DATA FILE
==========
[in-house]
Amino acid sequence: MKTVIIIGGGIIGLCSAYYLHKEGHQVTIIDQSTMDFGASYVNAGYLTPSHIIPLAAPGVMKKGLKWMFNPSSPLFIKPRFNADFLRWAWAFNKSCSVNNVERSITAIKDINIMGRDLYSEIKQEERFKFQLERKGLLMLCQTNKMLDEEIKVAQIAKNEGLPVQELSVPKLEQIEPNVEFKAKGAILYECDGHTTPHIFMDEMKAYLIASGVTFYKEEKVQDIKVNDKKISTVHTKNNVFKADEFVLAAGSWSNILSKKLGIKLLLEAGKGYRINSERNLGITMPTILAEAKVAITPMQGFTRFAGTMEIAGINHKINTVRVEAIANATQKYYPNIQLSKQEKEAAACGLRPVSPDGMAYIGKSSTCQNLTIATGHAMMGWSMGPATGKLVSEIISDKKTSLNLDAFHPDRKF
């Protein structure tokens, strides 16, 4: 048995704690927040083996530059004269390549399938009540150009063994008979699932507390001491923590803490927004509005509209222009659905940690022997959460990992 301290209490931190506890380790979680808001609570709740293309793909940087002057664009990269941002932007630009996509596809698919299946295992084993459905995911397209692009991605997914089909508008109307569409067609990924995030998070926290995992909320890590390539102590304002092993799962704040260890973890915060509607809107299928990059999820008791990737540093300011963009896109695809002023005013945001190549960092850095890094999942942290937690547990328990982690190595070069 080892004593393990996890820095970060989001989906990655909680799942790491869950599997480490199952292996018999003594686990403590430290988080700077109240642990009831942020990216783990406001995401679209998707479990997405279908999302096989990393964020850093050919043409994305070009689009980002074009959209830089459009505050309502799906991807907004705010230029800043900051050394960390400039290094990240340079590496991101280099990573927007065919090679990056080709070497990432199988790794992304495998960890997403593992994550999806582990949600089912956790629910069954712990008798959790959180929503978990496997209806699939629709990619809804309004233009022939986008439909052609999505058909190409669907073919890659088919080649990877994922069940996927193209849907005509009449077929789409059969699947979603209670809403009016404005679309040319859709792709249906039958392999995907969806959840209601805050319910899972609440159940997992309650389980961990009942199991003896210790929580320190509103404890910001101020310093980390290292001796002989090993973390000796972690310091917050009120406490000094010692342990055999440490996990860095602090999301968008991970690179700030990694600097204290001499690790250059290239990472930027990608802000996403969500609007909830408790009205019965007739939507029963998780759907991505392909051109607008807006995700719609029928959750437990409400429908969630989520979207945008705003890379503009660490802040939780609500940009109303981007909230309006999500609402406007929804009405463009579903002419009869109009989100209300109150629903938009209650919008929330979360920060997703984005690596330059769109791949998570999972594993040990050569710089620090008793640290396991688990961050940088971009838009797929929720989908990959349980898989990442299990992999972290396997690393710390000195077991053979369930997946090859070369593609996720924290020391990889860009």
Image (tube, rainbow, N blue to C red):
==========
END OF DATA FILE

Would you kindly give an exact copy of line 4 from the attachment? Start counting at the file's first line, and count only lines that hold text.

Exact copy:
Image (tube, rainbow, N blue to C red):